But the paw in hers and Trina’s scent kept distracting her.
After the picture ended the two of them walked out of the theater and Trina asked, “Care to take a walk on the beach?” She had a sly gleam in her eyes.
Halli ran her paw through her lover’s headfur. It was so very tempting . . . “I’d love to,” she sighed, “but I have to get up early in the morning.”
“Oh.” The feline looked downcast, then perked up. “We’ll still see each other around, right?”
“Of course we will,” and the rabbit smiled as they stepped around a corner. They took advantage of the darkness to kiss before they parted company.
Again, she awoke the next morning with a smile.
She also awoke with an idea.
The visit to the base administration building didn’t take very long, and Ensign Calley was very helpful. It seemed that not everyone lived in the longhouses, and to be truthful they were only transient billeting. Most of the base personnel lived in small, two-person bungalows that were rented for a small sum, and these were mainly on the eastern side of the atoll.
It only took her a few minutes to fill out the housing request, and to add Trina’s name to it.
The bear looked at the paper, then at Halli, and the rabbit explained, “We went through flight school together, and I know she’d appreciate not having to stay in the longhouses.”
He nodded, realizing the logic of it, and set the papers aside so that the base syndics could approve it.
May 18, 1937:
Halli was eating her breakfast when a petty officer walked up to her. “Ensign Amura?” At her nod he gave her a folded slip of paper. “This is for you, ma’am,” and he walked off.
She opened the paper and stared at it momentarily. The paper announced that she and Ensign Katrina Demjanjuk were now occupants of an officer’s quarters situated at #5, Third Street. The rent was ten dollars a month and included utilities. Ensign Demjanjuk would receive a copy of the notice.
Halli stared at the paper, reading it through again before folding it carefully and putting it into a pocket of her jumpsuit. She finished her breakfast before taking the motor launch across the lagoon to the eastern island.
The numbered streets in the tiny settlement were oriented north and south, streets pointing east or west were designated with letters. The base hospital dominated the northern end of the village, and a meeting hall and school anchored the south end. Of course, it made sense to have a school; many furs would likely want to bring their families with them.
The school also reminded her that she originally joined the Naval Syndicate to further her education, and Halli decided she’d start on that as quickly as she could. But first, she had to find the house.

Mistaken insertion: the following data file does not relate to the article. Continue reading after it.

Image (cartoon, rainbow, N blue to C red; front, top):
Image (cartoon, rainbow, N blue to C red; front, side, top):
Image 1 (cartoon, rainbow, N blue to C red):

An annex of the base administration had the keys, and all she had to do was pay the first month’s rent and show the order to the clerk. She pocketed the keys and started looking for Third Street.
Number Five was at the corner of Third Street and Avenue B, and faced the dune line that separated the settlement from the beach. It was a rather plain clapboard bungalow with two bedrooms, a sitting room that included the kitchen, and a bathroom. It also had a small porch.
She tried the light switch, and was pleased to see that the utilities were already on. Unfortunately, that was the only thing that pleased her.
The place was a mess. The floor needed to be swept and mopped, and the mattresses needed to be aired. At least the bedding, in a small closet, seemed to be clean. As she opened the windows she heard footsteps on the porch and turned.
Trina stood there, looking around and blinking. “What do you think?” Halli asked.
The feline wavered a moment, then walked up to Halli and hugged her. “I didn’t expect you to find us a house,” she murmured.
“Well, there was no sense in both of us staying at the longhouses for our entire tour,” Halli said reasonably, “and this way we can have some fun.”
Trina nodded and drew the back of a paw across her nose as she stepped back. “I just never shared a place with anyone before – other than family, I mean,” she added hastily.
“Well, you might change your mind,” Halli said with a sour grin, “when you take a good look around. It’ll take a bit of cleaning up to get it set up right. My mother would cry if she could see this place.”
Trina laughed as she looked around before replying, “I don’t know . . . a lick of paint and some elbow grease, and this’ll be a nice place. I’ll go pay the rent – “
“Beat you to it.”
“Then I’ll buy some stuff to get this place clean,” the tabby laughed. She gave the rabbit a kiss and headed out the door.
Halli closed her eyes briefly, breathing a short prayer, then busied herself with hauling the mattresses out into the sunlight and fresh air.
It took the better part of the day to get the bungalow aired and cleaned, but the two of them succeeded in making the place livable. After moving their belongings out of the longhouses, Trina made dinner (fish for her and tinned vegetable soup for Halli) and they ate together at the small table.
Later, the two of them sat out on the porch as darkness fell, and Halli felt Trina’s paw on her shoulder. She reached up and squeezed the paw, then looked back at her new housemate. “Yes?” she asked in a playful tone.
“I was just thinking that it’s been a long day, and we really should get some sleep,” Trina said, and the two laughed as they went in, closing the door behind them.
Shortly thereafter, the lights went out.